Curious cats will play with anything. If you dropped it, chances are they will find it and think it’s the greatest toy ever. Usually, that’s really entertaining to watch—as long as they don’t eat it.
Luckily, cats are pickier than dogs about the things they swallow. But, that doesn’t mean they won’t chew on something dangerous. From electrical cords to rubber bands to plants, there are hazards lurking all over your house. In general, keep all potentially dangerous items out of your cat’s reach, and safely store lotions, soaps, cleaners, and chemicals. If you think your cat has swallowed a non-food item, call your veterinarian immediately.
Here are 10 common household hazards for cats, as well as steps you can take to keep your cat safe.
Everyone knows about the dangers of chocolate for pets, but there are other common foods that can be dangerous to cats. Grapes, raisins, onions, and garlic can all make your cat sick. Fortunately, cats rarely find these foods appetizing. However, if a grape falls on the floor, it’s best to pick it up rather than let your cat play with it.
Meat bones may seem like a delicacy for cats, but they can get stuck in your cat’s mouth, throat, or intestines. Cooked bones can bend, while raw or partially cooked bones can break. Broken bones can cut into the oesophagus or intestines, and big pieces can get stuck. In both cases, your cat will get very sick and may require hospitalization or even surgery.
Rubber bands and bag ties may look like toys to cats, but they can cause serious damage to the intestines if swallowed.
Flowers beautify a room. Unfortunately, many common flowers and houseplants are poisonous to cats. Curious cats like to chew on leaves, and by doing so, they can ingest toxins. Cats can die of kidney failure if they eat any part of the lily plant, and leaves from the sago palm can cause severe damage to the liver. Morning glory seeds can cause hallucinations when ingested, while wandering jew can cause a rash. Yesterday, today, tomorrow plants flower beautifully but contain a neurotoxin and can be deadly to cats. This is by no means an exhaustive list of plants that can be hazardous to cats; these are just some of the more popular ones. Before you bring a plant into the house, do your own research to make sure your cat is safe.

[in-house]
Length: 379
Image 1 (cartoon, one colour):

Liquid potpourri can be used as a substitute for the smell of fresh flowers, but it’s also a hazard to cats. When ingested, liquid potpourri can damage the oesophagus
Electrical cords are a hazard in every room of the house. Cats, especially kittens, find them irresistible to chew on. Cats can be electrocuted if they chew through the outer protective coating while the electronic is plugged in. Use cord keepers to cover power cords or otherwise store all loose cords to make it less enticing for your cat.
The bathroom contains many hazards for cats. Just like rubber bands and bag ties, dental floss and hair ties can cause deadly intestinal obstructions.
Many common medications are hazardous to cats. Acetaminophen and ibuprofen are highly toxic to cats. Weight loss supplements often contain high levels of caffeine and related compounds that can cause seizures, heart problems, and difficulty breathing.
In general, all household supplements and medications should be stored in cat-proof cabinets or drawers. Doses of medication that help you function at your best may cause serious harm to your cat. If you think your cat ingested anything from the medicine cabinet, immediately bring her and the suspect bottle to your veterinarian.
*Important note: Veterinarians do not care whose name is on the prescription bottle. They will not judge you, and they will not report you. They only care about saving your cat.
Sunscreens containing zinc oxide can be toxic to cats if ingested. Keep bottles sealed and out of reach of cats. Bug sprays, especially those containing permethrins, are also hazardous to cats. (Some flea protection for dogs should not be used around cats! Read the package insert carefully.)
Lotions and sprays that contain essential oils may also be dangerous. Even those that we apply directly onto ourselves may not be safe for cats. This includes tea tree oil and citronella.
Concentrated cleaners can be hazardous to cats. Be sure to store cleaning products in cat-proof cabinets, and clean up any spills. If possible, keep cats away from any surfaces that you clean until they are dry. If your cat does run across the floor or counter as you clean, wipe off his paws.